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Markets in Review

Global financial markets continued to sell off in the second quarter, with virtually all asset categories in the red. Global markets suffered their worst quarter since the pandemic lows in the first quarter of 2020. Market volatility continued to be a major talking point throughout the second quarter. Driving factors behind the volatility were the Federal Reserve’s hawkish stance on inflation that continued to persist in the second quarter and quantitative tightening to slow down the economy.

All major market indices continued to contract during the quarter. Equity markets, as measured by the S&P 500 Index, fell by 16% with the median stock in the index falling by 40%.

With inflation persisting during the quarter, long term interest rates continued to surge. The 10-year U.S. Treasury started the quarter on April 1st at 2.39% and subsequently finished the quarter at 3%. The significant move in the bond market also contributed to volatility in the stock market, with all S&P 500 sectors finishing in negative territory.

A trend that persisted during the second quarter was the outperformance of large cap stocks relative to small and mid-cap with investors looking for higher quality, lower beta names during uncertain times. By investment style, value stocks continued to outperform their growth counterparts with several of the value sectors such as energy, utilities, and consumer staples leading the market. Value indices still sit below historic forward P/E levels as measured by the Russell 1000 Value Index, which currently has a forward P/E of 12.76x compared to its long-term historical average of 14.10x.

A major theme outside the U.S. was the outperformance of Chinese equities, mainly due to the Chinese Central Bank taking a much more dovish approach, cutting rates compared to other global central banks that are currently hiking rates aggressively to try to curb inflation. During the quarter the MSCI China Index gained 3.4% compared to the MSCI ACWI Ex USA Index that declined 13.5%.

Interest rate volatility continued during the quarter at both the short and long end of the yield curve. Yields of 2-, 10-, and 30-year Treasuries all increased, with the 30-year Treasury in particular gaining 0.74% during the quarter and 1.37% on a year-to-date basis.  As a result of the significant rise in rates and investors’ low appetite for risk, the dollar index saw new highs during the second quarter, hitting a 19-year high of $104.70. A strong dollar means U.S. exports are more expensive overseas which could drive down demand for goods produced domestically; however, a strong dollar can benefit U.S. travelers overseas and U.S.-based consumers purchasing foreign goods.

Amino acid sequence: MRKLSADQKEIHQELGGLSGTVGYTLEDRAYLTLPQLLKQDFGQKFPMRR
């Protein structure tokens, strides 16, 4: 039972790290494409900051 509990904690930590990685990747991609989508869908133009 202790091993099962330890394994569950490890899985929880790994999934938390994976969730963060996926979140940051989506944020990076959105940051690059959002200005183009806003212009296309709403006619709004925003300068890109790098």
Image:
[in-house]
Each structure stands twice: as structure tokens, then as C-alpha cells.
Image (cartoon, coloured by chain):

The U.S. economy contracted during the second quarter by -0.9%, which was the second straight quarter of negative real economic growth. The U.S. economy continues to be hindered by relentless inflation, causing an unpleasant stagflationary environment, and persistent supply-chain bottlenecks.

Despite the negative economic growth, the labor market remained particularly strong. In the second quarter, 1.19 million jobs were added to the U.S. economy, with education and health services leading the way. The overall U.S. unemployment rate of 3.6% remains at historically low levels with the total number of unemployed people standing at 5.9 million.

Inflation, as measured by the Consumer Price Index (CPI-U), grew at a pace of 9.1% for the past 12-month period ending June 30, 2022. The core inflation reading, which excludes food and energy, rose 5.9%. The energy index in particualr rose 41.6% over the last year, the largest 12-month increase since the period ending April 1980. The food index increased 10.4% for the 12-months ending in June, the largest 12-month increase since the period ending February 1981.

Despite the elevated inflation levels, consumer finances remain relatively strong as of June 30, 2022. Debt payments as a percentage of disposable income are still relatively low at 9.5%, compared to past times of adversity, such as the fourth quarter 2007 when debt payments as a percentage of disposable personal income hit 13.2%. However, the personal savings rate has slowed considerably and credit card utilization has been on the rise, demonstrating consumers are feeling the impacts of higher prices across the economy.

The Best Strategies for your Required Minimum Distributions

By:  Henry VanBuskirk, CFP®, Wealth Manager

The current rule states that you must take your first Required Minimum Distribution (RMD) by April 1st of the year after you reach 72 and annually thereafter by December 31st of each year. When the SECURE Act became law on December 20, 2019, the RMD age was pushed back from age 70.5 to age 72. 

Plans affected by RMD rules are: 401(k) plans, 403(b) Plans, 457 Plans, Traditional IRAs, SEP IRAs, SIMPLE IRAs, Inherited IRAs and Inherited Roth IRAs. Defined Benefit and Cash Balance plans satisfy their RMDs by starting monthly benefit payments (or a lump sum distribution) at the participant’s required beginning date.

If you’re still employed by the plan sponsor of a 401(k) and are not considered to be a more than 5% owner, your plan may allow you to delay RMDs until you retire. The delay in starting RMDs does not extend to owners of traditional IRAs, Simplified Employee Pensions (SEPs), Savings Incentive Match Plans for Employees (SIMPLEs) and SARSEP IRA plans.

The RMD value is calculated based on the qualified investment account’s value on December 31st of the prior year and is based on standardized IRS guidelines (i.e., the RMD for 2022 is based on the value of the account on 12/31/2021). The prior year’s year-end balance is divided by a life expectancy factor issued by the IRS.